TCKs – putting people into boxes

11 Dec

I follow quite a few blogs about expat life and the concept of a third culture kid (TCK) is a common topic.  A third culture kid is someone who grows up in a different culture than his/her parents.  Recently I met a woman who is a counselor and a TCK herself.  We had a fascinating dinner conversation about what it means to her.

One strange thing was how much food came up as we were having the discussion.  I normally wouldn’t put bananas and eggs into the same sentence (unless I was going shopping), but they both can represent third culture kids (as well as people who have traveled and lived in many different places).

The words themselves in other context mean just that – I make a mean omelet and buy bananas regularly.  In this context though an egg is a white person who is “Asian inside” and a banana is an Asian person who acts “white.”  Neither is very polite.

I don’t think I’ve ever had anyone call me an “egg” to my face, but I could see in some circumstances that people may believe that based on some of my likes and dislikes.  However, since I just learned the term within the last month, I may have missed it.

I do know someone though who has been called a “banana” many times.  She said at the beginning that she didn’t understand what it meant, but even her family used it (born in China, lived in the UK and US) and when she finally looked it up it made her very uncomfortable.

These kinds of words exist to put people into boxes – make decisions about what they should think and how they should act, without understanding what made them the way they are today.  I think one of the great things about growing up in the US is that at least at first glance, we assume everyone is an American, then go figure out the particulars later.  In China, it is more – if you are Asian, you are Chinese and if you are anything else, you are foreign.

The discussion made me think.  I think a less intense way of the boxes are the stereotypes that we help push.  Asians are good at math.  Americans are loud and bad dressers when they travel.  I remember teaching a unit on stereotypes when I was teaching English several years ago and how difficult it was to explain to my Chinese students.  To them – those stereotypes were just “true.”

I don’t consciously try to make those distinctions but I am sure that I do.  Do you have any examples of putting people into boxes?

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21 Responses to “TCKs – putting people into boxes”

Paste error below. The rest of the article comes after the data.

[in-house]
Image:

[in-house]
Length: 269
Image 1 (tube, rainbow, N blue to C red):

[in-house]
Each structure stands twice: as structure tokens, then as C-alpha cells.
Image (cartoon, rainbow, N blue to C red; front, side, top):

1. abc in shanghai December 11, 2012 at 9:04 am #

    I agree with your Chinese example and Laowai – probably spoon fed mentality, if you know what I mean. Can’t blame ‘them’. This very same mentality is still very alive in America – these labels are very much alive IMO. Call them stereotypes, racism or whatever; the idea of slotted people into boxes exists. When growing up, I got a lot of that Banana treatment from both Asian’s and non-Asians! Even my own Peeps were calling me a Banana b/c wasn’t acting enough like a Chinese. And, here in China, folks still don’t know what to call me. Some call me Laowai, while others say I am not. My niece, who is Hapa, experiences this today in the US. I believe we all make these distinctions unconsciously.

    • gkm2011 December 11, 2012 at 1:20 pm #

      It’s even stranger isn’t it when you’re not sure which box to put someone in? I imagine your case must be quite frustrating in China as until you speak, people have one judgment and after another one. I though, in China, will always be a laowai.

  2. expatlingo December 11, 2012 at 10:07 am #

    I was just having an interesting conversation yesterday with my young daughter about something similar. She started out by saying that her friend Emma was the only Chinese person she knows who doesn’t have black hair. Then I explained that while Emma was born in China, has lived in China her whole live, and speaks Chinese, she is not technically Chinese (and doesn’t have Chinese nationality). Then my daughter asked me where Emma was “from” then if not “from China.” I said she is “from China” but is not Chinese. Then next question was of course, “what is she then?” and I had to reply that I’m not really sure what she considers herself since her father is American and her mother is from both Argentina and Italy…. Perhaps a “young internationalist” ?

    • gkm2011 December 11, 2012 at 1:22 pm #